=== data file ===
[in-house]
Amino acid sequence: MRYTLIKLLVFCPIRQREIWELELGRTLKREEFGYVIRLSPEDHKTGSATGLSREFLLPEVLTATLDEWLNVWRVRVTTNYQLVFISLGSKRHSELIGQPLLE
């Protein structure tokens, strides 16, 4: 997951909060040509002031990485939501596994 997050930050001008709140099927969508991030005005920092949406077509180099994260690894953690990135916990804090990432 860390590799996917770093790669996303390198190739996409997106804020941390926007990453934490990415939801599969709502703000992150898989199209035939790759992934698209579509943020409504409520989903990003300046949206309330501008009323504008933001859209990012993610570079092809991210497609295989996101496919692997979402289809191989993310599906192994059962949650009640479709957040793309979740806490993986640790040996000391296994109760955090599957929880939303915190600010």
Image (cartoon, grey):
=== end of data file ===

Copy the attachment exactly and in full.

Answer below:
[in-house]
Amino acid sequence: MRYTLIKLLVFCPIRQREIWELELGRTLKREEFGYVIRLSPEDHKTGSATGLSREFLLPEVLTATLDEWLNVWRVRVTTNYQLVFISLGSKRHSELIGQPLLE
């Protein structure tokens, strides 16, 4: 997951909060040509002031990485939501596994 997050930050001008709140099927969508991030005005920092949406077509180099994260690894953690990135916990804090990432 860390590799996917770093790669996303390198190739996409997106804020941390926007990453934490990415939801599969709502703000992150898989199209035939790759992934698209579509943020409504409520989903990003300046949206309330501008009323504008933001859209990012993610570079092809991210497609295989996101496919692997979402289809191989993310599906192994059962949650009640479709957040793309979740806490993986640790040996000391296994109760955090599957929880939303915190600010």
Image (cartoon, grey):